Christmas Bells

Christmas Bells
Christmas Bells - Blandfordia nobilis

Friday, January 23, 2009

Sticky nights bring out the moths.

Two evenings ago we had a large thunderstorm to the south of Robertson. This is a slow exposure shot, showing the effect of sheet lightning. The large power stanchion is clearly visible against the dark sky. That is visible in most daytime shots from my back deck.

All these images are easier to see in full detail, if you click on the images, to enlarge them.The storm seems to have been centred around the Budawangs, due south of Robertson, about 100 Kms away. I say that, because there has been a large fire there burning over the last 36 hours. The fire is north of the Kings Highway, which runs from Braidwood, over Clyde Mountain, to Batemans Bay. I have written about the Budawangs before, with some shots of the wonderful mountains there. It is very difficult and remote country for firefighting.Robertson has had hot days and very sticky nights. The storm brought out the moths, and one determined Huntsman Spider, which was sucking dry this medium-large moth. Eventually the spider dropped the dead moth, after the spider had feasted enough. At this stage the spider was gripping the moth's wings tightly to prevent it flapping too much. Now you know why Spiders have eight legs, to allow 3 legs to hold their victims, and 5 legs to hang onto a vertical wall, and not fall off. Not a bad effort, really, for this spider (which incidentally is back out there near my front porch light, as I write, two days later). Why not? Its a good hunting ground, obviously.

Here is another moth (a different species) which I have not yet had the chance to "look up".
DJW Update: My Blogging colleague, Duncan, has kindly told me that "The one with the eyes is Oenochroma quardrigramma" (in the Geometridae). It took me a few moments to realise he was referring to the "eye markings" on the wings of this moth, below. Thanks Duncan.

Here is the same moth viewed from the front and side.
It has a good chubby body, which, surprisingly does not seem to be very hairy.
The "head and shoulders" (forgive my poor moth anatomy - its too late) is very hairy.
The bronze coloured hairs are clearly visible in the image above, too.
This next moth (about 2.5 cms long) is a beautiful silvery creature, with a small yellow stripe on its head, and yellow marks on its front legs. Click on these images, to see them closely.
I have seen other silvery moths before, which were "Rice stem borers" (or similar) on rushes in a swamp, but there are no swamps close by my place.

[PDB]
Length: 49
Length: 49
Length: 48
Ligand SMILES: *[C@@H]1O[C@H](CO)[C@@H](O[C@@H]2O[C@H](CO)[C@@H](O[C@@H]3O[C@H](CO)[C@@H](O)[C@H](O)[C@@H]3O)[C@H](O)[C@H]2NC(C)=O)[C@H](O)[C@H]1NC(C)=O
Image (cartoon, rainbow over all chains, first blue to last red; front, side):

DJW Edit: It seems this may be Eochrois callianassa, which is in a group of ""Concealer moths" - a name given because of the habit of the caterpillars to hide in either cases, or canopies of leaves sewn together with silk. Don Herbison-Evans has a photo on his site which looks similarly silvery to my moth. He notes that "The adult moth has white forewings shading to yellow at the edges". That matches my specimen. It feeds on members of the Proteaceae, of which there is only one species native to the Robertson Rainforest - a tall tree - Stenocarpus salignus. But of course, many members of this family are grown as garden plants.
Here is the same moth from the front.
You can see the long antennae and the upwardly curved palps.
What puzzles me his the apparent absence of eyes.
Presumably they are underneath the antennae, held low down.
And from the side it looks like this.
You can just make out the eyes in this shot -
tucked behind (and above) the base of the curved palps.
I do not know what the little dark spot is on the side of the head.
This is the same species of moth as the Huntsman Spider had caught.
A different individual, though.
Possibly Anthela acuta. See Duncan's gallery image.
Click to his two previous images as well - use the left arrows.
And here you can see its eyes (large ones) and its front legs.
The antennae are long, but held parallel to the front edge of the wings.

I doubt that these moths are rare, I simply have not had a chance to go searching through my Nature Blogger colleagues image galleries of moths to sort out what species these are.


mick said...

That's a fantastic night-time shot of the storm. Beautiful!

Duncan said...

Nice moths Denis, the one with "eyes" is Oenochroma quardrigramma, Geometridae.

Denis Wilson said...

Hi Mick and Duncan
Mick, the image was "hand held", but resting on a balustrade, on my back deck. 8 second exposure, and just waited for a flash to occur. It was bright enough to create an image. I got no "shake" visible, for the rest of the time that the aperture was open, the sky was black.
I liked it.
Duncan, thanks for the ID. I went looking for an image of yours, but could not find one. From the sound of the name, (Oenochroma) they sound like they should drink a lot.
Maybe they are pests of vines?
I did find some Anthela acuta images on your Gallery which are a good match for the one the Huntsman was eating (and another live one). Much appreciated.

Gouldiae said...

G'day Denis,
Nice work. Great detail in some of those moth images. Look out though, how many Australian moth species are there?
Hope you stay safe from any nearby fires.

Junior Lepid said...

These are great shots, Denis and I'm glad you were able to put names to faces. Well done.

Denis Wilson said...

Hi Gouldiae and JL
Thanks, both of you.
The fires are distant and remote (if you know what I mean by that last word) - its back country, where nobody lives - very rugged. Tough for the Kangaroos, though. Most native plants are better adapted to fire.
I had direct help from Duncan, and also virtual help from Mosura and Don Hobern's image sites, and the Aussie Moths and Caterpillars site which Don Herbison-Evans runs. They are all linked from my front page: "Reference sites, Insects and Spiders". Of course, I do not know if the IDs are good, though. I am just working on a "looks-like" basis.